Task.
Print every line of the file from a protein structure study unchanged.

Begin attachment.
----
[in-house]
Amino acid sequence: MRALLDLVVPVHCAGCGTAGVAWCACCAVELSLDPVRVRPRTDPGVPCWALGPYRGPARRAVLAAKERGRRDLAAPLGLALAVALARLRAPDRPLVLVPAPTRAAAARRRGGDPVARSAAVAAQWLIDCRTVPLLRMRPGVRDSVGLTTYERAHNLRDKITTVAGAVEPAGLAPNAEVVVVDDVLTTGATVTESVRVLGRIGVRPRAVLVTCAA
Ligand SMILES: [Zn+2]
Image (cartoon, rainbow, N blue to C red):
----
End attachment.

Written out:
[in-house]
Amino acid sequence: MRALLDLVVPVHCAGCGTAGVAWCACCAVELSLDPVRVRPRTDPGVPCWALGPYRGPARRAVLAAKERGRRDLAAPLGLALAVALARLRAPDRPLVLVPAPTRAAAARRRGGDPVARSAAVAAQWLIDCRTVPLLRMRPGVRDSVGLTTYERAHNLRDKITTVAGAVEPAGLAPNAEVVVVDDVLTTGATVTESVRVLGRIGVRPRAVLVTCAA
Ligand SMILES: [Zn+2]
Image (cartoon, rainbow, N blue to C red):